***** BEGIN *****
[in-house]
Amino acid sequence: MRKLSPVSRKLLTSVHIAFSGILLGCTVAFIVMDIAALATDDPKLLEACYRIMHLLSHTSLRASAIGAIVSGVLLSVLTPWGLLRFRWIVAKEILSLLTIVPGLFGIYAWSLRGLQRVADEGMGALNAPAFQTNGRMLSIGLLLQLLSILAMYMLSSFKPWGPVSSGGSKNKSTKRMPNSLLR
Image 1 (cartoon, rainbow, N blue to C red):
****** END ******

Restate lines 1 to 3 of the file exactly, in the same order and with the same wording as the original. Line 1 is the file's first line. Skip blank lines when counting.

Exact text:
[in-house]
Amino acid sequence: MRKLSPVSRKLLTSVHIAFSGILLGCTVAFIVMDIAALATDDPKLLEACYRIMHLLSHTSLRASAIGAIVSGVLLSVLTPWGLLRFRWIVAKEILSLLTIVPGLFGIYAWSLRGLQRVADEGMGALNAPAFQTNGRMLSIGLLLQLLSILAMYMLSSFKPWGPVSSGGSKNKSTKRMPNSLLR
Image 1 (cartoon, rainbow, N blue to C red):